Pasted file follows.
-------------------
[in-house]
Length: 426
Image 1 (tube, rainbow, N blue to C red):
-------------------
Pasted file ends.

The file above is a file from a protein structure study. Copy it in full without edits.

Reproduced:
[in-house]
Length: 426
Image 1 (tube, rainbow, N blue to C red):